Background: In-season salmon management teleconferences are held Tuesdays in June, July, and August for fishing villages and managers in the Yukon River drainage to discuss fishing conditions and management strategies as the salmon run is occurring. The teleconferences are funded by the Office of Subsistence Management and the Yukon River Panel.
Villages / Locations Reporting: Hooper Bay, Scammon Bay, Alakanuk, St. Mary’s, Marshall, Russian Mission, Holy Cross, Shageluk, Nulato, Koyukuk, Huslia, Allakaket, Galena, Tanana and the rapids, Minto, Nenana, Fairbanks, Fort Yukon, Dawson, Teslin.
Fishing reports: The call opened with village identification and reports on fishing and river conditions starting at the coast of the Yukon River mouth in Hooper Bay which reported people having to take their nets out of the water because they had too much fish (chums). Scammon Bay reported that people have caught a lot of chum since the late break up occurred. Most people quit fishing now. A lot of chums are going through and will be moving up river. Alakanuk reported fishing efforts leading to approximately 100 – 200 chums being caught and 1-4 kings. Water is still high there with some debris. A person from Saint Mary’s reported being done with their chum fishing and only caught 1 king. Marshall and Russian Mission said people caught chum salmon, the debris is still in the river but less than last week and the water is high. Russian Mission said people do not have the 6 inch nets required by management for fishing. 2 salmon were caught 30 miles below Holy Cross and Shageluk will not begin fishing until they hear reports of fishing in Holy Cross. Nulato and Koyukuk mentioned water dropping there, but the effort is only on rod and reel and whitefish nets. Huslia also reported pike and whitefish fishing and the water is low. The flow of water into Alexander Lake has stopped since the flood in Galena and in Tanana the water is dropping and people are fishing whitefish for dogs. At the rapids, the fish wheels are just being moved into place now that the water level has dropped. The Tanana River is just waiting for fish. Fort Yukon reported that the water level also dropped and fishing effort was on whitefish. Canadian communities of Dawson and Teslin mentioned high water that was holding.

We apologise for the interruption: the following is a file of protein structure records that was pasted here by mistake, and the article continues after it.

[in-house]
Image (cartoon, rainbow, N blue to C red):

Management report: The Alaska Department of Fish and Game (ADF&G) reviewed the status of test fisheries, their assessment and strategy to date. The test fisheries are not tracking well due to high water and debris. The first pulse should show up in the next couple of days. Fred Bue of U.S. Fish and Wildlife Service mentioned that the herring run was late too.
For an automated update on the fishing schedule, call the toll free number of 1-866-479-7387.
For the most current fisheries updates from the ADF&G, please click here to visit their website.
Public comments, questions, and answers:
People asked about the commercial fisheries directed at summer chum taking place with beach seines and dip nets. They wanted to know the reasons why this fishery was taking place and they asked for an update of the fisheries efforts on the next teleconference such as information on the number of summer chum caught and the any incidental king salmon that were caught and released. A caller thought that the ADF&G was not listening to local people about this fishery and that local people have never used beach seines or dip nets before and that traditional commercial fisheries were for king salmon which he would prefer. Another caller expressed concern over the fishery and potential harm to king salmon and commercial interests are the reason behind this. It was explained that the new gear types are being tried to allow for some commercial fishing to take place on summer chum salmon and all kings must be released live into the water.
People asked about fishing regulations and when proposals would be due to the federal subsistence board. USFWS responded that it would be in the winter or spring and the exact date was unknown at this time.
A day of prayer for the river was mentioned and people can find more information about this on the Tanana Chiefs Conference website. It is scheduled for Friday June 21, 1013 at noon.
People discussed the first pulse closures and how many days they may be closed. A complete moratorium for one year was discussed with some people supporting this as the only way to save the salmon. The first pulse closures will happen chronologically up the river starting in Y-1 and people in Y-1 should be on stand-by for the first pulse closure to happen soon, but no first pulse has been detected yet by the test fisheries.
Tanana Chiefs Conference mentioned that 6 inch nets could be purchased by wildlife and parks funds if Tribes need a net for fishing.
It was mentioned that language coming from ADF&G and USFWS should be filtered and adjusted to remove any college level jargon that people from the Yukon River may not understand and to try to write more culturally appropriate language for people.
For further information about these teleconferences, please contact the Yukon River Drainage Fisheries Association at 907-272-3141, extension 102 for Jill Klein or look for us on the web at www.yukonsalmon.org.
All teleconferences are scheduled for Tuesday at 1 p.m. Alaska time (2 p.m. Yukon time) during June, July and August. The toll free number is 1-800-315-6338 and the code is 98566#.